JS: Oh my God.
CZD: Yeah. Yeah, it still happens. So I mean, defense mechanism is a very nice way to put it. And then reading the book, she describes the going into the operating room for the first time in such detail that I had to put the book down because I started crying. Because that was my experience, you know, like going in at six and seeing all of these faces come in and out of your plane of view and being scared and also knowing that you’re being taken care of in such a high level way. You know, they’re going to cut your legs open, but you’re going to be able to walk again much better in four months. It’s it hit me really hard.
JS: You know, when I have thought of the challenges of dwarfism in the past, I always think sort of big ticket things. Like it’s probably hard to drive a car, find a comfortable car. I guess you can never be a Rockette. I guess you can never be an astronaut because they’ve got height requirements. I’ve thought about sort of big things like that. And she points out so many of these tiny, every day hassles that made me realize the mental toll of things not fitting. Like, she says, her mother was an expert seamstress, but it’s impossible to shorten snow clothes.
CZD: Snow clothes suck.
JS: Or like how there’s no such thing as a hospital gown that fits her. And I thought. Are you fucking kidding me? We can’t make smaller – as if hospital gowns aren’t humiliating enough?
CZD: I think that that is you, you bring up such a great point because that occurs and that just happens. And it’s something that as little people, you know, having to, having to always reach for things and never having anything fit and being so frustrated, going to the department stores. Think about every public bathroom. Think about doors that you can’t push open. It’s so prevalent and it’s so regular. And to think that it doesn’t take a mental toll is insane. You have to realize that that takes a huge mental toll on everyone.
JS: We cannot end this without calling attention to Kristin’s family, which I think is the most charming part of this book. I want there to be a reality show about that family, except not a gross one. Like not a Kardashian kind of one, but like I genuinely, I closed that book and went, I want to be in that family. They are just, the love just pops off the page. Don’t you think?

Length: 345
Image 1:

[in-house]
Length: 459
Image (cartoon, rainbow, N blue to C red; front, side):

CZD: I know, yes, 100%. I thought the same way. I was like, man, there’s so much life that’s happening. There’s that one chapter where it starts out and she just lists for a page and a half all of the things that she did over the summer in just, I think it’s the longest sentence ever written in a book ever.
JS: They just struck me as such a unit, you know? Such a team. And you can just tell in her voice that she’s got that background of the support. It was really, really a delight to read.
CZD: Yeah. I’m so glad you liked it. That’s awesome.
JS: Why don’t you share now where my listeners can find you?
CZD Yeah, absolutely. You can find me @BigDealPod on Instagram, and you can also find “I’m Kind of a Big Deal Podcast wherever you get your podcasts.
JS: Good luck on the job you interviewed for today. I hope you get it. Audition! Sorry, I forgot. I’m talking to an actor. And I want to thank you for introducing me to this book and for taking the time out to talk to me today, it’s really been a delight to talk to you.
CZD: Oh, this was so much fun. Thank you for having me on a podcast where I never thought I would ever be a guest on a book podcast. This was awesome.

Thanks for listening, Bookworms. For more information on this episode and links to all the books we discussed, please go to our website BestBookEverPodcast.com, or follow the podcast on Instagram @BestBookEverPodcast. I’m your host, Julie Strauss, and you can find me everywhere @JulieWroteABook. Remember when you’re doing your book shopping, please help support indie bookstores and this podcast by using my affiliate link at Bookshop.com/Bestbookever. 

Thank you for joining me today and I will see you at the library.